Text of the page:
The necessity of it being relate-able would ruin it in some ways. You couldn't adequately provide the same kind of fear without some serious mental-anthropomorphizing. At which point it's still entirely about a human protagonist, just one in a different situation.
    Razaxx wrote: »
    I think that with technology evolving so quickly, the horror genre has huge potential. I think that this technology can open more doors than for other genres, but it will also increase the potential for failure.
    What I mean is that new tech can really bring the genre down in a huge element of horror: imagination. Unless the Devs can learn to TRUST it's player base, then everything would be spelled out for us. For me the biggest part of horror is stepping around a corner and knowing that I could be easily destroyed. The biggest fear is not of anything that I can see, it is what I can't.
    The way that this tech will improve the genre, however, is by cutscenes. I am NOT an advocate for cutscenes in RPGs or any other type of game really, but with horror it can work really well. With "protagonist as monster," we see how, when we have control, we work our hardest towards a happy end. With cutscenes, especially non-skip-able ones, it delivers the feeling of powerlessness. To see what you have created ripped away by your character can really be disheartening.
    I might be too old to dress up, but I am certainly not too mature...
    Halloween is almost over, so it is basically Christmas!

    The problem with tech in horror games is the same problem with tech in horror movies. The inherent issues with technology in 50s-80s horror films meant that, for the most part, you had to keep the monster hidden as much as possible or risk it seeming "cheesy". When that was overcome, you saw horror movies with more and more visible monsters, and it ruined the monster movie genre for some time (For a good example, see House on Haunted Hill the 1959 version and then the 1999 re-make). The same thing started happening with video games, and the loss of horror in many mainstream horror games more evident now that we have more old-school style horror like Amnesia and Slender to show us how you can feel fear without seeing the entire world around us and without ever seeing the monster.

    The problem with doing that through cut-scenes is that they break immersion. Once agency is totally removed from the player like that they break out of their world, and they'll often become angry at the game for yanking away the controls like that rather than frightened. If the game removes something important that way, it doesn't make the player feel scared, it makes them feel the kind of impotent rage that can only come from a game that acts like a bully. It doesn't make them fear the creatures or the story elements, it makes them hate the game.

    Dedwrekka on
  • ArchsorcererArchsorcerer Registered User regular
    Play Spec Ops: The Line people.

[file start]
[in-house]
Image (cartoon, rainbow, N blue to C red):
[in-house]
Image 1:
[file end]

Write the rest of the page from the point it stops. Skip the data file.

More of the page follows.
XBL - ArchSilversmith

    "We have years of struggle ahead, mostly within ourselves." - Made in USA
  • Twenty SidedTwenty Sided Registered User regular
    edited November 2012
    Amnesia's protagonist is a blank slate, which is exactly my point. He isn't important. The darkness as an enemy, the main villain and the occasional super monster are bigger and more important characters than he is. His breathing heavily and wigging-out are more gameplay mechanics than an effort to characterize this person.

    Many people did find Dead Space scary, because fear is largely a subjective thing. So you're really just reminding me of examples where the protagonist doesn't even really need to be that powerless. I've known people who aren't able to control their panic reflexes when playing Dead Space and Dead Space 2. Really what gets people is fear of the unknown and being surrounded by dark spaces full of hostile monster. Having a plasma gun doesn't really seem to help some audiences deal with that.

    Dead Space 2 attempted to expand Isaac as a character (and I'd argue that they did it unsuccessfully). Many people complained that the action emphasis in the second game would ruin what makes Dead Space a true horror game. But again, people still freaked-out when placed in a dark room with things that want to kill them.

    While I did have problems with the clunky mechanics of Silent Hill, and I still felt pretty effective, it really wasn't for a lack of trying on the part of Team Silent.

    Intellectually, I don't have a problem with the monsters in Silent Hill being killable. They look and feel disturbing. I'm sure many people react viscerally to images of violence, even when directed against twisted abominations birthed from the darkest recesses of Freudian psychology. (I know for a fact that my mother was terribly offended when I started smacking around a child-like gremlin thing with a length of rusty pipe.) And generally speaking, there were situations where the hoarding-gamer in me found it more convenient to ignore monsters than to fight them.

    Anyway, SH3 had an incredibly memorable set-pieces with the mannequins and the mirror room. And the morgue. And the letters from your creepy stalker, Stanley. Heather as a character, powerful or not, is almost a secondary concern. She's only important to the story because of her tenuous connection to the history of the town itself.